Gynecology/The Effects Of Tetracycline On Chick Embryos term paper 6481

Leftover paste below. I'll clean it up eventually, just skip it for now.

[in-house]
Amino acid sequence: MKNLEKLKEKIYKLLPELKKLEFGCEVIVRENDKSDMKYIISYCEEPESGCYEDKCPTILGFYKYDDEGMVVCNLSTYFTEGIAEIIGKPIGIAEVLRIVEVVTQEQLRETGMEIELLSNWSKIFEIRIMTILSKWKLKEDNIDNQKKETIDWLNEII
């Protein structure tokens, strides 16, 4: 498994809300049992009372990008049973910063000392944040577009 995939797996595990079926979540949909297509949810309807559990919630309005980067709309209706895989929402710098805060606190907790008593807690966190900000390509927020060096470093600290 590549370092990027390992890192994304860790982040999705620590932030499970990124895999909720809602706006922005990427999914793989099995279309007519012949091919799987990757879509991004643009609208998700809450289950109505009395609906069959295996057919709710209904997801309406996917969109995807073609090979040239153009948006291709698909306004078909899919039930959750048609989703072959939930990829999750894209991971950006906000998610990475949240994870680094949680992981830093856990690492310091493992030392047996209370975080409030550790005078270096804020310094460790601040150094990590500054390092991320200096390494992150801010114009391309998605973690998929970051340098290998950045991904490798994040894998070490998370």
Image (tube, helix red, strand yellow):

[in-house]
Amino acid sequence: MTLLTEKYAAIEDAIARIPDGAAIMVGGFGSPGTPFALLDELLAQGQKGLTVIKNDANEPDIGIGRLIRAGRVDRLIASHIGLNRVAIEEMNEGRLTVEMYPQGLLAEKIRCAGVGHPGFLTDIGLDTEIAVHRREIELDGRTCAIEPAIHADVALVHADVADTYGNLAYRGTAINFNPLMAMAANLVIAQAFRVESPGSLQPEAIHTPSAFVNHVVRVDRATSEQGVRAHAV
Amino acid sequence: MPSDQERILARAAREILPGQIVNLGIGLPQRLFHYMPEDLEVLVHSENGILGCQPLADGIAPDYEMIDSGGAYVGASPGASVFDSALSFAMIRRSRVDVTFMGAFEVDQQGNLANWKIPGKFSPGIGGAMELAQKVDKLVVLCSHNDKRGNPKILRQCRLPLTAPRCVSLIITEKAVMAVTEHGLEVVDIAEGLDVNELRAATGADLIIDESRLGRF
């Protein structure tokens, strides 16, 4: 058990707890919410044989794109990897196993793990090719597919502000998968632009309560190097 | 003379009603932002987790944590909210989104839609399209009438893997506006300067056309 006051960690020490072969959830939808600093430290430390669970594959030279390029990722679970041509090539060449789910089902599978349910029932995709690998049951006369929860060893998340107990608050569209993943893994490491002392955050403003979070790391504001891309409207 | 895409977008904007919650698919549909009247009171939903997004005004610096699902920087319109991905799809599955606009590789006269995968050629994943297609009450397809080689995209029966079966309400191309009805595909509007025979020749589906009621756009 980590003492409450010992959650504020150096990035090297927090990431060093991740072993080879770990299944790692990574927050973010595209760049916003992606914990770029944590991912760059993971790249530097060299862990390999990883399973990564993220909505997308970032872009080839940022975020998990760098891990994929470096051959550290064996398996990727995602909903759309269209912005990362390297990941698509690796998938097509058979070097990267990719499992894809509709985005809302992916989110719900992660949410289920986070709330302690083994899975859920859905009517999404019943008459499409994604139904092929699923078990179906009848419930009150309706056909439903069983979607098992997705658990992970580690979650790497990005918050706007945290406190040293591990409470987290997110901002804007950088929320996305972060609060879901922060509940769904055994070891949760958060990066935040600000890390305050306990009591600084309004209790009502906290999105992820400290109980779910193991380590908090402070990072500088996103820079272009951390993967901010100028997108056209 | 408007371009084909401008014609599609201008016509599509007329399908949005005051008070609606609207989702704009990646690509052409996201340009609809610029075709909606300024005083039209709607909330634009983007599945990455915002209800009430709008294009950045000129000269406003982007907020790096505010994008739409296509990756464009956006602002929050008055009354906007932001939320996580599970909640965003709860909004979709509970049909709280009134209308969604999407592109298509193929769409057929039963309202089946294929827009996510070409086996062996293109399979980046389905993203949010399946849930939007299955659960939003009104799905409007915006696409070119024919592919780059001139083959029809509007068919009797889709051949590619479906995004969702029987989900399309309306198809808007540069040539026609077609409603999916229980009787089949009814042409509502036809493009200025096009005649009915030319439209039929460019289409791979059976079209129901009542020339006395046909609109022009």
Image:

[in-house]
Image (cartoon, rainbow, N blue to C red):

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THE EFFECTS OF TETRACYCLINE ON GALLUS DOMESTICUS TRIMESTER 3 Professor J. P. Ellis T.A. Tom Pinard Bryan Dumanski Mike Hale Dean Tower Heather Mammon Joe Hull July 15, 1996 Abstract Our Embryology lab experiment was performed to observe the effects of tetracycline on the development in chicken embryos, such as bone and beak growth. Five control and seven experimental eggs were used for the experiment. The five control eggs were not injected with tetracycline, six of the experimental eggs were injected with 0.05 mg of tetracycline, and one of the experimental eggs was injected with 0.2 mg of tetracycline. On the seventeenth day of embryo development, all eggs were opened and observed. Good conclusive results were noted. Out of the seven injected eggs, all had some sort of abnormality. Conversely the control group eggs appeared normal. Table of Contents I. Introduction II. Methodology III. Results and Observations IV. Discussion and Conclusion V. Bibliography I. Introduction and Review Tetracycline, an antibacterial drug, is used to treat many infectious diseases such as gonorrhea, syphilis, sinusitis, upper respiratory infections. The usual adult dosage ranges from 100mg to 200mg once a day. Possible allergic reactions include: 1) swelling of the face, 2) skin rash, 3) loss of appetite with vomiting, 4) soar throat, and 5) abdominal cramping. There are more serious side effects , such as anaphylactic reactions, liver and renal damage, discoloration of teeth with malformation in children under 8 years of age. Results of animal studies shows that tetracycline class drugs cross the placenta and are found in fetal tissues. This has toxic effects on developing fetuses. These effects include retardation of skeletal development, decreased white cells, and increased eosionophils. Due to the findings, it is advisable to completely avoid tetracycline class drugs during pregnancy and breast feeding. Tetracycline drugs are used specifically in chick embryos autoradiographic studies. The chick's bones have the ability to fluoresce tetracycline at the active sites of calcification. Tetracyclines have effected not only chick embryos, but also weight and bone formation in the offspring of rats and mice. It causes reduction in fetal size with serious physical defects. II. Methodology The effect of tetracycline infections were demonstrated on twelve New Hampshire Red Chicken eggs. The control group included five eggs numbered eight through twelve and were not injected. The injections were given on June 12, 1996 to seven eggs numbers one through seven. Eggs one though six received 0.05mg of tetracycline and egg seven was given an increased amount of 0.2mg tetracycline. All of the eggs were incubated at an ideal temperature of 101 degrees, sixty to eighty percent humidity in the incubator (model no. 624-E) for seventeen days. The eggs were turned twice daily before being sacrificed on the seventeenth day June 28, 1996. III. Results and Observations Experimental Group Amount of Tetracycline injected Eggs Number Embryo Weight No fertilization, pseudo white masses, no development 0.05mg 1 N/A Twice as large as control group, no malformations 0.05mg 2 23.8g Twice as large as control group, slightly malformed feet 0.05mg 3 22.5g Twice as large as control group, no malformations 0.05mg 4 22.0g Twice as large as control group, no malformations 0.05mg 5 22.5g Twice as large as control group, no malformations 0.05mg 6 20.95g Twice as small as control group, not fully developed, internal organs exposed, malformed legs, dead 0.2mg 7 16.9g III. Results and Observations (con't) Control Group Amount of Tetracycline injected Eggs Number Embryo Weight Normal development, medium size N/A 8 18.6g Normal development, medium size N/A 9 18.8g Not fertilized; pseudo white masses present N/A 10 N/A Normal development, medium size N/A 11 19.3g Not fertilized;pseudo white masses present N/A 12 N/A IV. Discussion and Conclusion The results of the experiment were compared and found to be conclusive. Distinguishing characteristics were noted between the control group and the experimental group which included size of embryo, overall weight, feather growth, and bone development. Internal development was not observed in this experiment. Weights of embryos two through six injected with 0.05mg of tetracycline were: 23.8g, 22.5g, 22.0g, 22.5g, and 20.95g, respectively. These embryos appeared to be abnormally larger than the control group embryos. Embryo number three also had external defects; malformed legs. We also noted that all of these embryos had more feather growth than the control group. Embryos number seven, injected with 0.2mg of tetracycline showed the most dramatic results. This embryo was smaller and weighed significantly less than the other experimental embryos (16.9g). In addition, the external organs were exposed, there was no feather growth and the embryo died during the experimental period. Our experiment found that three embryos did not fertilize (embryos 1, 10, and 12) and were not part of the conclusions. In conclusion, our experimental findings showed that tetracycline is inhibitive to normal embryo growth as found in embryos two through six. Further, higher dosages of tetracycline are detrimental to embryonic growth as noted in embryos seven. If future testing is done, more embryos should be injected at the higher 0.2mg dosage to validate the findings from embryo seven and an internal study of embryos two through six (with 0.05mg tetracycline) should be conducted to determine possible contributing factors to the abnormally large growth of these embryos. . V. Bibliography Beckman, D., Brent, R., Mechanisms of Teratogenesis, Ann Rev. Pharmacol Toxicol, No. 24, p. 483-500. (1984) Greene, G.: Tetracycline in Pregnancy, New England Journal of Medicine, Vol. 295, No. 9, (1976) Halme, Jouko, Aer, J: Effect of Tetracycline on Synthesis of Collagen and Incorporation of Calcium into Bone in Foetal and Pregnant Rats, Biochemical Pharmacology, Vol. 17, p. 1479-1484. Hoolingsworth, M.: Drugs and Pregnancy, Clinic in Obstetrics and Gynecology, Vol. 4, No. 2, p. 503-520 (1977) Long, J., Rybacki, Doxycycline, The Essential Guide to Prescription Drugs, p. 461-464, (1994). Saivin, S., Houin, G., Clinical Pharmacokinetics of Doxycycline and Minocycline, Clinical Pharmacokinetics, No. 15, p. 355-366 (1988)